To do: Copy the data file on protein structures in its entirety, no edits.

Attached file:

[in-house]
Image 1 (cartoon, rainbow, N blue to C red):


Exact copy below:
[in-house]
Image 1 (cartoon, rainbow, N blue to C red):